A New Zealand soldier killed in an armoured vehicle crash in Afghanistan may have survived if he had been wearing a safety harness and been trained in roll-overs, which the crew knew little about, an army inquiry has found.
Private Kirifi Mila, 27, was last year a gunner standing on the turret of a US-made Humvee, when it rolled down a 30-metre cliff, crushing him.
The accident happened during a routine New Zealand Provincial Reconstruction Team (NZPRT) patrol in the North East of Bamyan province.
In its findings released on Thursday, a court of inquiry found the soldiers were "predominantly unaware" of roll-over procedures in the Humvee operators manual and had then been carried out "it is likely that Private Mila would not have been killed".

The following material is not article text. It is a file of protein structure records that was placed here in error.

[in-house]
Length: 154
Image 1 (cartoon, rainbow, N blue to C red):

More than 100 US soldiers were killed in Humvee rollover accidents in three years in Iraq and the US military started using a training programme using rollover simulators in 2006.
The court also said the NZPRT had not used gunner's harness - designed to stop them from being thrown out - for some time and crew were not really aware of them.
The court also found none of the crew were wearing seatbelts, which would have drastically reduced the number of injuries.
The court made a number of recommendations and New Zealand's Afghan head, Major General Dave Gawn, said changes had been made.
All soldiers were now trained in roll-overs and Humvee gunner harnesses were now being used.
However, the army has stopped short of ordering seatbelts to be worn at all times.
There was a fine balance between travelling safely and being able to get out of a vehicle quickly when it was attacked, Maj Gen Gawn said.
Seatbelts were now worn as a matter of routine, but would not be if the soldiers thought they might come under fire.